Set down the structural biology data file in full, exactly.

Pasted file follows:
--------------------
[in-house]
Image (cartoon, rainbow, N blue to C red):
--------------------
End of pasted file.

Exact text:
[in-house]
Image (cartoon, rainbow, N blue to C red):